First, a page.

The Honour Cross of the World War (Hindenburg Cross)
Ehrenkreuz des Weltkrieges 1914/1918
The Honour Cross of the World War – also known as the Hindenburg Cross or the Cross of Honor – was established on July 13, 1934 by the Reich President, Field Marshal Paul von Hindenburg. The development of the award was entrusted to Gebruder Godet & Co Berlin. The award was intended for front-line soldiers and non-combatants, as well as close relatives of those killed on the battlefield and missing during the First World War.
All residents of the Reich and all ethnic Germans of the annexed territories who took part in the First World War had the right to receive the cross. The honorary cross of the World War II became the first award of the Third Reich and was established on July 13, 1934 by Reich President Field Marshal Paul von Hindenburg. The cross was worn on a ribbon on his chest in a block with other awards. The memorial cross of the participant of the First World War is located after military awards and before awards for long service and anschlus medals.
The award is established in three degrees:
1. Honorary cross for front-line soldiers – was awarded only to front-line soldiers who fought on the front line.
2. Honorary cross for participants in the war – was awarded to non-combatants and civilians.
3. An honorary cross for relatives of those who died in the war – was awarded to the parents and widows of those who died from wounds and are missing.
The award is made in the form of an equilateral Teutonic cross measuring 37×37 mm, with a 2.8 mm border at the edges. On the upper beam of the cross there is a whole-stamped eye with a diameter of 1.5-2 mm for the ring. The Hindenburg Cross with swords and without swords was made of steel, iron and bronze. Weight of the award (for those made of steel): with swords – 13.5 grams; without swords – 12 grams.
Appearance of awards:
On the obverse of the Honorary Cross for war veterans, the dates “1914-1918” are framed by a laurel wreath tied with a ribbon from below. Between the rays of the cross there are two 41-mm crossed swords with their points pointing up.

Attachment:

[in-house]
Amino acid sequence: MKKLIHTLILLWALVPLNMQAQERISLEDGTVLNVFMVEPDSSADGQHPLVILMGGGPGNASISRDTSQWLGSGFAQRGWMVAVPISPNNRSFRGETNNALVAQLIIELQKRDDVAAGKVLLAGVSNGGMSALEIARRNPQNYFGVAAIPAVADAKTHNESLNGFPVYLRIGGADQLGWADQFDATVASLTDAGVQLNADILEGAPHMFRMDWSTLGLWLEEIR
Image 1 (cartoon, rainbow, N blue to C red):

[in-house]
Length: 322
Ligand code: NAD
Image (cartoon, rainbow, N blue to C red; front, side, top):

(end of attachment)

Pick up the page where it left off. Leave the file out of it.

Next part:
The reverse is smooth, with the exception of the manufacturer’s marking.
The ribbon of the award with a width of 25-30 mm is three-colored and consisted of five stripes of the same width: red in the center and symmetrically arranged black and white. Along the edges is a narrow black stripe.
When wearing an award on a ribbon, a pad in the form of gilded crossed swords could be attached to it. A similar pad was attached to the bar to distinguish the “combat” class of the award from the “non-combat” one. Another variant of the lining was made in the form of a miniature of the cross itself with swords.
The appearance of the Honor Cross for war veterans is similar to the previous one, except for the absence of swords. The ribbon is similar to the ribbon of the Cross of Honor for war veterans.
Also there are linings for the award bar, made in the form of a miniature cross (without swords).
The obverse of the Honorary Cross for relatives of the deceased is similar to the obverse of the Honorary Cross for war veterans, however, the cross itself is covered with black varnish. The second difference is the ribbon of inverted colors: five stripes of the same width – red in the center and symmetrically arranged white and black. Along the edges is a narrow white stripe. It is worth noting that the award documents for the Honorary Cross for relatives of the victims differed in the degree of relationship – there are forms for widows and for parents. However, the appearance of the 3rd degree award was uniform.
A rare variety of the Cross of Honor for relatives of the deceased is a cross for wearing on a pin without a ribbon. This sample was made of blackened steel, the eyelet was missing, and a horizontal pin was attached to the reverse.
The memorial cross of the participant in the First World War is one of the most common awards of the Third Reich. In 1943, 8,041,414 awards were awarded.